The blue whale population in Antarctica was drastically reduced by commercial whaling, which started in the southern Atlantic Ocean in 1904. Despite legal protection through the International Whaling Commission in the 1960s, illegal hunting continued until 1972. From about 125,000 individuals in 1926, numbers were reduced to about 3,000 individuals in 2018, which classifies the species as “critically endangered” on the IUCN Red List.
A remarkable number of Antarctic blue whales was recently sighted
A team of scientists led by the British Antarctic Survey (BAS) was able to share some good news when returning from their recent expedition to the sub-Antarctic island of South Georgia. They counted 55 Antarctic blue whales during their 2020 expedition, which they describe as “unprecedented”. The South Georgia Waters remain an important summer feeding ground.
Dr. Jennifer Jackson, a whale ecologist at BAS, says: “After three years of surveys, we are thrilled to see so many whales visiting South Georgia to feed again. This is a place where both whaling and sealing were carried out extensively. It is clear that protection from whaling has worked, with humpback whales now seen at densities similar to those a century earlier when whaling first began at South Georgia.”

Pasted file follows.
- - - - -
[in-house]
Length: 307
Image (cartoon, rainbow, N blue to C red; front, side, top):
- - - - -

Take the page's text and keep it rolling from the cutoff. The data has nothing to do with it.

What is WWF doing?
For many years, WWF has worked with the Southern Ocean Commission (CCAMLR) to protect the most critical habitats for iconic species such as whales, penguins, seals, seabirds and their prey – tiny Antarctic krill. In the Southern Ocean, CCAMLR has made a commitment to implement a network of marine protected areas around Antarctica, to protect a range of wildlife impacted by climate change including areas where whales feed on tiny Antarctic krill. WWF works with scientists to provide important information to help governments protect these crucial foraging areas.
“Antarctic blue whales are the largest animals on Earth and a spectacular wonder to witness in the wild. They are the true Antarctic giants. However, they are critically endangered, very slowly recovering from the impacts of 20th Century whaling. Now, we are working to protect the important foraging areas for blue whales in the Southern Ocean before it’s too late. This research reaffirms there is still hope,” says Chris Johnson, Global Lead for the Protecting Whales & Dolphins Initiative.
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